Atheist hardliners are no more willing to accept that pragmatic argument than any other. The only answer that will satisfy atheist activists, apparently, is that skeptics must accept that atheist activism is the most important cause in town.

That’s an impasse that skeptics resolve by getting back to our own work.

I think he’s feeling a little exasperation — it’s a cheap and ineffective shot to complain that some scientists write “controversial” books, therefore…what? The only worthwhile books are bland and uncontroversial? And if he’s thinking of, for instance, Dawkins’ book, wrong — atheism wasn’t controversial among scientists at all. It was just a bold move to slap the facts down in front of the public.

But it’s the Kurtz quote that is most remarkable. What jumps out when you read it?

I. I. We. Us. We. We. Who, kemosabe?

Who has specialized in those particular subsets of skepticism? Why, Kurtz, and Loxton, and Swiss, and Shermer, and Dunning, and Radford, and many others. And that’s fine; they should do what they know and what they’re good at. Yet somehow they’ve got this amazing close-minded privilege that what they are doing, their local “we”, is what their entire constituency, the more global “we” of all skeptics, should be doing.

Are these people even aware that their movement should be more than the desires of a few so-called leaders? That their group is made up of individuals, each with unique talents and interests, and that what determines the focus of the skeptical movement ought to be the ever-changing concerns of the people in the movement, and that as the movement grows (as we hope it would), the wider pool of talent would broaden the range of interests?

If an atheist joins the skeptical movement, and says she wants to work on the harm religion does to society, what are you going to tell her? “No, you have to study the wily chupacabra”? If an atheist joins the skeptical movement, does that mean some High Poo-Bah goes up to Daniel Loxton, and orders him, “Put down that keyboard, Loxton, we’re sending you off to rural America to blow up a church, because we’re all atheist hardliners now”?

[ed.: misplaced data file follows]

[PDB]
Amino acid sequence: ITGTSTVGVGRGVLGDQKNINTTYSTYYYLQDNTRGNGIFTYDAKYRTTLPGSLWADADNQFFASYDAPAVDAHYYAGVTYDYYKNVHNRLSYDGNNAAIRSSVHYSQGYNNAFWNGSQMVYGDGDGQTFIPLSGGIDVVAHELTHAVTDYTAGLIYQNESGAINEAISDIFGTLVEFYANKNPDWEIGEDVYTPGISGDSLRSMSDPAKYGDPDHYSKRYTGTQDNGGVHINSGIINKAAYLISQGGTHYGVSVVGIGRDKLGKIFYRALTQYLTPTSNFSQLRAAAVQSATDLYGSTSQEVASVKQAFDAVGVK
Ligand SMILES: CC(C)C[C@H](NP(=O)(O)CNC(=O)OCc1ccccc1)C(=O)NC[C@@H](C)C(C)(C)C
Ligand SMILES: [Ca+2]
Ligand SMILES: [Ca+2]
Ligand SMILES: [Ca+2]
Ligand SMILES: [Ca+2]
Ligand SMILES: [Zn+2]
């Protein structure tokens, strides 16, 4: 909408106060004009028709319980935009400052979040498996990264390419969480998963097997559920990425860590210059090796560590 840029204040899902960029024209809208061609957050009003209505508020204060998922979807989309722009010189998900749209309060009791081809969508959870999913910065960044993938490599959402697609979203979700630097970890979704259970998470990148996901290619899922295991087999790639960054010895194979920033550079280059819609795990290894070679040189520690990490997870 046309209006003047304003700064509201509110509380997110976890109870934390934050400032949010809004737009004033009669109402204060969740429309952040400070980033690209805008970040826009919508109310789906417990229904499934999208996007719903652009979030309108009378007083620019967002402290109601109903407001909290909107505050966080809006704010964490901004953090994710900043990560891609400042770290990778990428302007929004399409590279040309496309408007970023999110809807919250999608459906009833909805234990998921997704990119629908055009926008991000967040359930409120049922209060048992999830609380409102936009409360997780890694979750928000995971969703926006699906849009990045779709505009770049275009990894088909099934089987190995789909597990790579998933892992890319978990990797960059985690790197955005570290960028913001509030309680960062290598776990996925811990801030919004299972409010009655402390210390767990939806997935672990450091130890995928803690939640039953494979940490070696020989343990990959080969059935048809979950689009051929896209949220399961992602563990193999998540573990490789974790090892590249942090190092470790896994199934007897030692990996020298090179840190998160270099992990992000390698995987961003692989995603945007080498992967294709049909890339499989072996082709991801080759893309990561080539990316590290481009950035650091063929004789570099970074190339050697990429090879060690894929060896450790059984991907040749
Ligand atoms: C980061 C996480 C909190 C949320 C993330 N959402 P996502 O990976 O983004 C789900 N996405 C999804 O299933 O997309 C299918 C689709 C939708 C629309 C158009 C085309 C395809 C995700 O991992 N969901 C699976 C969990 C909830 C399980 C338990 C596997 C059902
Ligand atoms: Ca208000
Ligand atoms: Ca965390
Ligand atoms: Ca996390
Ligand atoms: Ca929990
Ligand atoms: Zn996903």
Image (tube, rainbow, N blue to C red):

No. And it’s idiotic to fret over it. I’ve been listening to the gay marriage debate in the Minnesota House this afternoon, and the skeptics sound so much like the conservatives — somehow, opening the door to different views means that their personal interests are compromised. No, they’re not. Keep on chasing Bigfoot, guys! Keep on doing “your own work”! No one is telling you to stop!

But, you know, if skepticism really is an analytical tool set for examining the world, stop being so damned possessive of it, and let people apply it in ways that reflect their expertise, not yours. Skeptical inquiry should, in principle, apply to all fields of human interest, as Kurtz said. What is impractical is policing skeptical inquiry and straining to keep it from being applied by people who aren’t members of the skeptical elect, who have goals different from the usual white male magicians and libertarian dilettantes. You don’t get to do that.

It’s not your damn tent. It belongs to everyone.

I should have mentioned, and will do so now since it was brought up in the comments, that Kurtz’s “we” was focused on just the organization he was running, and in that it is perfectly appropriate for a specific organization to limit it’s brief to what the personpower within the organization can manage. It requires a deliberate administrative commitment to focus on a topic. An example would be NCSE’s recent expansion from a group that addresses evolution education to one that addresses evolution and climate change. This is very different from what a larger movement can do; there, expertise can bubble up from the base.

John Shook weighs in now

And he offers a historical perspective on Skepticism and Religion.

Enlightenment theologians had to strike a bargain with scientific skepticism since they were terrified by a different, far older kind of skepticism: ancient Greek Skepticism. This rationalistic skepticism demanded high standards of provability before accepting anything as knowledge. The basic idea for a rationalist skeptic during the Enlightenment was something like this: Where reason and empirical inquiry cannot confirm, it must be disbelieved as unreasonable. For this rationalist skepticism, all the gods must go. The core of religion, and not just the claptrap, is entirely unreasonable and unbelievable, since no theological argument demonstrates a god’s existence and no empirical evidence is sufficient to support a god’s existence. Instead of saying "No Comment" to religion’s core claims, rationalist skepticism says "That’s unreasonable for anyone to accept."